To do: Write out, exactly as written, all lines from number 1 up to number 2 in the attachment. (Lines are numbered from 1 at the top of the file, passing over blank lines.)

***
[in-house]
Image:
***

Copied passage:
[in-house]
Image: